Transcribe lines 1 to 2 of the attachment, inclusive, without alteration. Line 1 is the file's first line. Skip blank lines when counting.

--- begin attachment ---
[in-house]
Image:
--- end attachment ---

[in-house]
Image: